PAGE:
“Once the sin against God was the greatest sin; but God died, and these sinners died with him. To sin against the earth is now the most dreadful thing, and to esteem the entrails of the unknowable higher than the meaning of the earth.” (Neitzsche, Thus Spoke Zarathustra)
Moments before dawn the moon descends behind the trees on a hill to the west. With the dawn and sunlight, the ghosts and presences that hint at evil are banished so that the good will rightfully claim its place in the light of day. As a child and in all the years since, the world has taught me that there is good and evil. Good wears white and evil wears black. Evil feeds at night while good celebrates in the sunshine. Think of the white knight versus the black night. Then I learned that what is called good and evil is just a view of the world. One’s position in the world provides us with different understandings of good and evil. Then I learned that the two aren’t really separate things, but polarities of the same thing.
One thing that highlights this good and evil as a perspective is found in the world of religion. Each religion, by definition, sees is theology, its belief system based on good. The value of the religion is as serving as a guide to living and being good. The value of the church is found in its providing a place of temenos, a place of sacred safety for the soul of its people. Knowing this, that each religion is based on these basic principles, why do we have these “good” religions go to war against each other? Why is the “other” religion seen as being the holder of “evil?” Why? I think it has to do with seeing the world in black and white – “Either we are right, we are good, we are going in the direction of heaven, or else we are wrong and heading straight to hell.”
Again, it is the classic situation of projection. only this time it is a collective projection. Withdraw the projections and everyone becomes ordinary with ordinary needs, living in patterns that transcend local place and time.
And for me? Well, there is good and evil, of this I have no doubt. But, both are hosted in my full self. My conscious self is seen, for the most part as good and aware that I am able to be even better if …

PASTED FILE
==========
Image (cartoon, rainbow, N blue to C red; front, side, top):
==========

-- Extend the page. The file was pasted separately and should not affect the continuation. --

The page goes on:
And then there is my shadow. The more I deny this shadow, the more damage I do to myself and others, the more that darkness, unconsciousness, controls and guides. I am aware that I have a shadow, a heart of darkness buried deep within. Being aware of that shadow and acknowledging its rightful place seems to lessen the pressure. The shadow becomes less of a shadow, less of a chaotic negative force in my outer life.
While this happens, I give up the need to be saintly. I know that I am neither a saint nor a demon. I move beyond good and evil into a place of balance weighted down with both the dark and the light as I journey through life.
This is a detail from an old Ukrainian Catholic church which is found in countryside in east-central Saskatchewan. The church was built during a Ukrainian immigration period in order to meet the needs of those who settled as homesteaders in the region. More modern churches in urban centres have drawn the children and grandchildren and great grandchildren. Fewer families live in the rural settings. Yet, the church still stands and for now, a few make it their spiritual home.
When I was a youth, I had believed that I would become a priest. I was a serious young person that seemed to have an old soul, a soul that hungered for spirituality, hungered for something more than the day-to-day life that a child experienced. By the time I was an adolescent, I had come to the conclusion that the church didn’t have enough answers for the questions that I had, and for the questions I sensed were waiting to be asked. And so, I gave up on the idea of becoming a priest. I knew that I would not be a good priest – I just didn’t believe enough – there were too many doubts.
It wasn’t long before my quest for answers, the quest for missing questions, lead me to search in libraries. There, I met Neitzsche and a number of others who had also gone in search of questions and answers outside of the church. And in listening to these others, I came to realise that the place I needed to go for my needed sense of spiritual connection was within my “self.” I couldn’t dump the responsibility on any clergy of any faith, nor on the tenets of any faith. The responsibility lay within.